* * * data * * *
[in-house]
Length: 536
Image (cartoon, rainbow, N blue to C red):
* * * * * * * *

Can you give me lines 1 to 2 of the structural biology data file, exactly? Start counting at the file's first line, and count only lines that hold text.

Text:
[in-house]
Length: 536